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Green Shoots

| Wed Jun. 17, 2009 3:12 PM PDT

Martin Wolf notes that (a) trade data suggests that the current recession is as bad as the Great Depression but (b) our response has been much better.  So are we out of the woods?

Robust private sector demand will return only once the balance sheets of over-indebted households, overborrowed businesses and undercapitalised financial sectors are repaired or when countries with high savings rates consume or invest more. None of this is likely to be quick. Indeed, it is far more likely to take years, given the extraordinary debt accumulations of the past decade. Over the past two quarters, for example, US households repaid just 3.1 per cent of their debt. Deleveraging is a lengthy process. Meanwhile, the federal government has become the only significant borrower. Similarly, the Chinese government can swiftly expand investment. But it is harder for policy to raise levels of consumption.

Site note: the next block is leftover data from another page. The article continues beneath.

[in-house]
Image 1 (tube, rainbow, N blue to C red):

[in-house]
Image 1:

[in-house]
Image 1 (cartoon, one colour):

The great likelihood is that the world economy will need aggressive monetary and fiscal policies far longer than many believe. That is going to be make policymakers — and investors — nervous.

I think he's right.  Green shoots aside, economic fundamentals continue to look pretty dismal.  And since world leaders don't seem to have the mettle to face up to this, it probably means those green shoots are going to turn brown again pretty quickly.  But I sure hope I'm wrong about that.

Quote of the Day

| Wed Jun. 17, 2009 2:14 PM PDT

From Robert Kagan, allegedly the "smart" neocon, on Barack Obama's oft-stated desire to engage with Iran diplomatically: